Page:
I never thought that myself and Jamie would be ‘wildlife’ people! What I mean by that is, usually our time away is spent doing our best beach-bum impression, finding the best spot for a few sundowners and getting to know the local cuisine and culture.
However last week we found ourselves in the middle of the Bornean jungle, waking up at 5am to cruise the misty, chocolate highways of the Kinabantangan River in search of spotting the elusive Borneo Orangutan in the place where they should be, in the wild, but we did and we both loved it!
Although, feeling slightly out done by our fellow trip-goers that our camera didn’t have a detailed enough zoom to get the best shot of these amazing primates.
Borneo is the third largest island in the world and split into 4 distinct areas, Indonesian Kalimantan claiming the largest of the areas, however mostly unexplored, the more popular Malaysian States of Sabah and Sarawak and the tiny independent state of Brunei.
We arrived in Borneo by flying into Kota Kinabalu (KK) the capital of Malaysia’s Sabah State, KK is a great point to explore what the North west has to offer.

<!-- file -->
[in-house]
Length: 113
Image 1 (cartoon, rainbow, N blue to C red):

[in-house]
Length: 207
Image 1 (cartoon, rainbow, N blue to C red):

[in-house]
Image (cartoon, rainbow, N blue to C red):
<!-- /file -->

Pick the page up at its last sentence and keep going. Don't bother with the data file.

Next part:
It comes alive at night around the busy night market on the waterfront where you can get everything from fresh fruit and vegetables, cooked to order noodles and rice dishes, stall after stall of fresh seafood cooked to eat there of freshly scaled and gutted to take home.
Moving on from KK, we took a 6 hour bus journey east to Sepilok, the journey itself breathtaking with forever changing views of Mount Kinabalu and mile after mile of lush rainforest.
A few hours in however, the scenery changes to one with a slightly sadder tale, it’s not hard to see the perfectly even rows of palm oil trees, and mass areas of new deforestation appearing daily.
One of the biggest problems of this is the destruction of the bio-diverse Bornean rainforest which has a huge effect on the amazing animals which call it ‘home’.
Continue reading (Incl. Pics) at: Pea and Moss: Borneo Part 1.